If you’re a parent with a kid in high school, the costs of sending them off to college can be anxiety-inducing. According to the College Board, the “moderate” budget for the 2015–2016 school year at an in-state college averaged $24,061. And the moderate budget for a private institution? The average hovers at $47,831. With the steep price tag of higher education, by enlisting your teen to do their part in helping pay for their schooling, they can lift some of the burden off your shoulders. Here are some ways you can get your high schooler involved with saving for college:
Talk It Out
Robert Farrington of The College Investor recommends having an honest and straightforward conversation with your teen about funding their higher education. “You need to be open with them early about how much you’ve saved for college, what they can afford, and what the student can expect,” Farrington advises. “These conversations should be taking place in early high school, so that there are no surprises junior and senior year when the student is making college choices.”
It’s also important to understand what expectations your teen have about their college experience. Will they be applying to both private and public institutions? Do they prefer to stay in-state or go to school out-of-state? Is taking a year off or starting at a community college something to consider? Help walk them through their options and understand the pros and cons of both. It also helps to have a discussion with them on student loans and how they work.
Work Out an Agreement
Carissa Uhlman, vice president of student success at Inceptia, suggests doing the math on the costs of college so you have specific dollar amounts to work with. Talk it out with your teen and work out an agreement with them on who will pay for what. “Shift the discussion from ‘what we can afford’ to ‘how we can afford it’ so that the student is engaged in the decision-making process and has some skin in the game,” says Uhlman.
Look into Scholarships
A great way to get free money for college is through scholarships. Scholarships can be either merit-based or offered for people who fall under certain groups. For instance, there are scholarships for academic, athletic, and creative achievements and for women, minorities, and those whose parents are members of certain organizations. There are plenty college scholarship finders on the web, such as Scholarships.com, CollegeNet, and Fastweb. Your teen can also get more information at the local library or career counselor at their high school.
Your family may also qualify to apply for federal financial aid. Work with your teenager on looking into the requirements and application process of a FAFSA early on. Make sure you have the information on hand before you start will ensure you don’t fill out the application improperly or miss any critical deadlines. In fact, last year high schoolers missed out on as much as $2.7 billion in free federal grant money. Getting an early start and being prepared will make sure you take advantage of essentially free money your teen may be qualified to receive.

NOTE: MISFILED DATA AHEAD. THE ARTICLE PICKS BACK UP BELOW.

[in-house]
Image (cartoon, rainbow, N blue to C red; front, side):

Save Money They Earn
Money your teen socks away from an after school or summer job could add up quickly if they diligent about saving. Better yet, encourage them to start their own business. “Young teens who get a part time job or start their own business could have five years to save up for college expenses if they start when they are 13 years old,” explains 19-year-old Eva Baker of TeensGotCents.
There are myriad ways to earn a buck, Baker points out. For instance, they can earn money through photography, babysitting, dog walking, teach music lessons, or academic tutoring. Talk to your teen about what kinds of things they might enjoy and have a knack for and use that as a starting point to explore options. Your teenager will not only be saving money to knock down college expenses, but they’ll also learn savvy entrepreneurial skills that will help them in the future.
Match Their Savings
If you can afford to, offer to match any money they’ve saved up to a certain amount. This will this provide great incentive for them to get started on a college savings fund.
If you are currently a member of a credit union, your teen is eligible to open a savings account by association. Having a savings account early on will teach them to manage their money and establish good saving and spending habits. Contact your local branch to see how you can open an account in your teen’s name.
While paying for the costs of college can be daunting, getting your teen involved in helping pay for higher education not only helps with the high costs of college, but it helps your child learn the costs of things and the importance of financial responsibility. And instead of relying on the Bank of Mom and Dad to foot the bill of going to college, your teen will gain confidence in learning that they have the skills to earn money and save for things they want.